The Last Word with Roberta King Latham

In honor of September’s Race for the Cure, The Last Word caught up with breast cancer survivor Roberta King Latham. Roberta is Vice President of the Susan G. Komen Northwest NC Board of Directors, a Partner in the Civil Litigation law firm of Bennett & Guthrie, PLLC, as well as a mother to a 2 ½ year old and a 4 month old. In the midst of her busy day, Roberta was kind enough to share her journey with us.

  1. Tell me about when you first heard the diagnosis. “I was diagnosed with stage 3 breast cancer in October 2008 at age 33. I felt a lump in my breast in April of 2008 and told my doctors. I remember the doctors telling me that they felt sure it was not cancer because I was so young, that I just had dense breasts. I waited 6 months as they ‘watched’ it. I’ll never forget the phone call after the mammogram and biopsy. ‘Rob-erta, you have invasive breast cancer. Who is your surgeon?’ I was shocked and devas-tated. My first reaction was to put my head on my desk and cry and that’s what I did. But I pulled myself together and I remember resolving that I was not going to let something like this beat me.”
  2. Tell me a little about your breast cancer journey. I went through over a year of treatment between 2008 and 2010 – mastectomy, lymph node removal, chemo, Her-ceptin and reconstructive surgeries. I continued to practice law, I just had to wear wigs and hats in the courtroom when my hair fell out. As a young, single professional, my primary focus in life had been on my career up until my diagnosis. Then I worried I would never meet someone who would love and accept me post-cancer treatment, that cancer treatment would rob me of my ability to have children. Toward the end of my treatment, I was blessed to meet my husband, Will. Today, I am over 5 years cancer free, a mother to two beautiful children and passionate about my position as Vice Presi-dent of the Susan G. Komen Northwest NC Board.”
  3. What advice would you give women facing a breast cancer diagnosis? “My ad-vice is to stay calm and know that there is hope. Be your own advocate and educate yourself on the treatment options. Being young and single, I thought my breasts de-fined me as a woman. Now I know that there are so many other things that define you as a woman.”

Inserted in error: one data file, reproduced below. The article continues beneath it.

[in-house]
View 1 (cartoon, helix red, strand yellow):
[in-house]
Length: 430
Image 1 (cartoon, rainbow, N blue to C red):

4. What was the hardest thing about your diagnosis? “For me, breast cancer put mortality right in my face. It definitely changed my perspective on what is important in my life.”
  5. How did you get involved with Susan G Komen Northwest NC? “I was asked by another board member to apply to the board. Before that, I kept my cancer very private and very close. I never talked about my treatment and, in fact, I hid it as best I could with the wigs and hats. Becoming a member of the board gave me the freedom to talk about my journey, to show that young women can develop breast cancer.”
  6. What sets Komen apart from other organizations? “75% of our fundraising stays local. The other 25% goes into national research projects and a substantial amount of those funds also come back to our community through grants, such as to Wake Forest Baptist Hospital. We help local women get access to mammograms, the best in early detection. I am a passionate advocate for education and early detection. Susan G. Komen Northwest NC makes that possible for women who do not have the means.”
  7. Where would you like to see Komen in 5 years? “Of course I’d love to see the or-ganization grow. I would also like to see the public educated about the local impact of Susan G. Komen Northwest NC. Many do not realize that the funds we raise stay lo-cal.”
  8. What is your guilty pleasure? “Oh, my – I’m like a little child – it is cheese pizza, the cheesier the better.”